When I read Tom's book on sustainability, Energy and Human Ambitions on a Finite Planet, I couldn't believe the book didn't exist already. I consider it the science book of the decade so invited him back. He shares about his motivation and goals in writing it. You might read my review of the book first, but you can jump into this conversation too. Here is an excerpt from my review: He taught a course to non-science undergraduates on the subject, called Energy and the Environment. He used the course to compile his posts, polish them, and make a self-contained comprehensive book. As far as I know, the only one like it, possibly because mathematics is the language of nature, so equations abound, but he explains them, so people who haven’t taken science or math classes since high school can follow. Showing the math means we don’t have to take his word for it. We can do the math too and think, judge, and act for ourselves. No matter our politics, age, industry, etc, we can access this book equally. The environment involves many branches of science, including physics, astronomy, chemistry, biology, systems, and more, as well as fields including engineering, history, politics, philosophy, and more. Murphy brings them together like no other resource I’ve found. Many will shy away from devoting the time that the gravity of our environmental situation demands, but for enabling and empowering every reader to understand, think, judge, and act for themselves, I consider Energy and Human Ambitions on a Finite Planet the science book of the decade. I’ve read and watched a lot of books, videos, and articles. For reference, I consider Sustainability Without the Hot Air by Caltech-trained Cambridge physicist David MacKay the science book of the previous decade, and Limits to Growth: The 30-Year Update, the science book of the decade before that, by Donella Meadows, Dennis Meadows, and Jørgen Randers. (A video of David MacKay after his book led me to avoid flying, not as a burden but to increase my enjoyment of nature and connection to humans.) Read these three books, and you understand our environment. But wait, there’s more. Murphy has acted on his findings in his personal life. He didn’t just use an electric car or unplug appliances before doing so was cool, he measured his results and shared how doing so affected his relationships with his wife, peers, and students. He shares his life and profession. This book doesn’t teach raw information, it shares a lifestyle. I’m not saying the book is easy, only that I find it the most valuable book or resource on the most important area humans have faced as a species, and I’ve read and watched many. Murphy’s book is glorious. He writes about the wonder of nature, our genius in harnessing it, its limitations, and our folly at not measuring the sofa before trying to jam it into the elevator, or believing the self-serving interests suggesting a “new normal” without justification. The math is accessible to a non-science undergraduate. To someone with a PhD in physics like me, it is a symphony—pure joy when you understand it, even more when your study it. Beethoven didn’t write his Ninth for one hearing. Yo-Yo Ma has to study pieces and even with my PhD, I have to take time to understand its equations and application. I learn each time I read Murphy. You will too. The payoff is worth it for aesthetic pleasure alone. There are practical benefits to understanding the patterns: unlike Beethoven, the fates of civilization and millions of species, including our own, depend on our understanding and behavior.
I've said it before and I'll say it again. Tom's Do The Math blog is one of the best site on internet. If you measure a site by how much it can improve a reader's life and human society, I challenge you to find one with greater potential. A couple peers include Low Tech magazine and Sustainable Energy Without the Hot Air, which is a book that you can download for free. Tom makes the physics behind the environment and our interaction with it simple and accessible. If you don't like math, well, it's the language of nature, so it's important to understand what's happening in nature. But even so, the point of collecting data and calculating results isn't for the sake of the math. It's to get past it to get to your values and to act on them. The point of the math is to get past the math When W. Edwards Deming initially apparently contradictory statements make sense, you understand the point of taking data and calculating results. He said: “Without data, you're just another person with an opinion.” and "Management by numerical goal is an attempt to manage without knowledge of what to do" Doing the math frees you from confusion to enable talking meaningfully about what to do. Regarding the environment, as long as people can think they can just switch to solar for everything that needs energy or that they can close some imaginary loop and recycle everything, they'll do things that lower Earth's ability to support life and human society. They'll feel confident and happy as they step on the gas, thinking it's the brake, driving toward a brick wall. Nature is the perfect mathematician. It doesn't react to your feelings about waste or aspirations but what you actually do. Tom's conclusions about solutions and admonitions against non-solutions point to what works. A path forward becomes obvious and simple when you understand the math and physics. You may not initially like it, but you can change what you like, as sure as most of us learned to like vegetables despite preferring ice cream as children. The result is clarity and mental freedom. The challenge, knowing what works and doesn't, is seeing the madness of people acting without understanding these things. The result is living by your values with confidence, not just hoping for the best. If anyone wonders where my views come from, it's analysis like Tom's. Also Low Tech Magazine, Limits to Growth, and Sustainability Without the Hot Air. There's a lot science that I support and value, but find inaccessibly complex, even with a PhD in physics. Tom's work is accessible. People think the science is hard and scientists confusing. It doesn't have to be. What the math says Tom's main conclusions point to reducing consumption as the most viable solution to our environmental problems. Without it nothing else works. You think you have a solution without reducing consumption? Read his blog. I bet he covered it and showed its limits. My experience shows reducing consumption as improving most Americans' lives, at least the first 80% to 90% reduction. Missing from nearly every mainstream message I've heard but clear from Tom's life, my life, and a few others is that consuming less brings joy, meaning, purpose, community, and relationships along with cleaning our air, land, and water. If you think reduction is an economic problem, read Tom's blog on his conversations with the economist because growth is a bigger problem. Meanwhile human societies sustained for hundreds of thousands of years without growth. Our growth since Adam Smith has picked all the low hanging fruit, high hanging fruit, and now we're digging under the sea for every scrap of oil we can find and polluting everything for a few moments of forced smile. Read Tom's blog and you learn we could create happiness, meaning, purpose, and community instead.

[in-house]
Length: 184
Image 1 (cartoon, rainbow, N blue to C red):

Everyone thinks about the environment. Nearly everyone gets bogged down in questions. What's best? Will this or that change make a difference? What does all the science mean? What should I do? Science answers some of these questions. Science is the study of nature. People associate it with going to the moon or people in lab coats, but it's about nature -- sunsets, gravity, why the sky is blue, as well as global warming, pollution, and resource depletion. Using computers, motors, eye glasses, and so on means your life relies on science. I find it beautiful, which is why I got the PhD in physics. Not understanding science or math means not knowing how to reach or understand answers resulting from studying nature and its patterns. Even understanding science doesn't mean knowing the answers. You have to do the experiments and calculate the results. Tom Murphy created his Do The Math blog to calculates the main questions on environment: solar, wind, nuclear. When someone says we can't grow forever, why not? What works and what doesn't, independent of how you feel about it? This episode is long, but I believe it may be the most important conversation I have on understanding environmental issues. We don't talk about the math details, which you can find on his site. The point of understanding the math is to liberate you from arguing about opinion to learning priorities and what works in what order. I urge you to listen to it through and to read his wonderful blog. Read the transcript.